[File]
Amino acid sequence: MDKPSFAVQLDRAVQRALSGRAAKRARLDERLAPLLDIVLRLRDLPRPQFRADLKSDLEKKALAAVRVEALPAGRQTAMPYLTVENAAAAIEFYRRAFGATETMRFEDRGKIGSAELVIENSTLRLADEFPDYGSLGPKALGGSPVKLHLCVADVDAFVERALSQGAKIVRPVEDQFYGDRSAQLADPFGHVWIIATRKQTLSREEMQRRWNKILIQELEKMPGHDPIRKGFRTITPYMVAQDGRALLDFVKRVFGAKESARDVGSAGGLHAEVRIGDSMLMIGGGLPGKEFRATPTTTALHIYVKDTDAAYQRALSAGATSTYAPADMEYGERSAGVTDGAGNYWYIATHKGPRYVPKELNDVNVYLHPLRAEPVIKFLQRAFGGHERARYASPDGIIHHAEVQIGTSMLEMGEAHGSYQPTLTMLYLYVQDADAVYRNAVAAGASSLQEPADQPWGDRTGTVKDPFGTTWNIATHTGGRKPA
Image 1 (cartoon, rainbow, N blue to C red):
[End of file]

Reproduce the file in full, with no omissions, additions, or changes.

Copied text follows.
Amino acid sequence: MDKPSFAVQLDRAVQRALSGRAAKRARLDERLAPLLDIVLRLRDLPRPQFRADLKSDLEKKALAAVRVEALPAGRQTAMPYLTVENAAAAIEFYRRAFGATETMRFEDRGKIGSAELVIENSTLRLADEFPDYGSLGPKALGGSPVKLHLCVADVDAFVERALSQGAKIVRPVEDQFYGDRSAQLADPFGHVWIIATRKQTLSREEMQRRWNKILIQELEKMPGHDPIRKGFRTITPYMVAQDGRALLDFVKRVFGAKESARDVGSAGGLHAEVRIGDSMLMIGGGLPGKEFRATPTTTALHIYVKDTDAAYQRALSAGATSTYAPADMEYGERSAGVTDGAGNYWYIATHKGPRYVPKELNDVNVYLHPLRAEPVIKFLQRAFGGHERARYASPDGIIHHAEVQIGTSMLEMGEAHGSYQPTLTMLYLYVQDADAVYRNAVAAGASSLQEPADQPWGDRTGTVKDPFGTTWNIATHTGGRKPA
Image 1 (cartoon, rainbow, N blue to C red):